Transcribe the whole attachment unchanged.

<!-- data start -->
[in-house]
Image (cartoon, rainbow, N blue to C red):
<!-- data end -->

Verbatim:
[in-house]
Image (cartoon, rainbow, N blue to C red):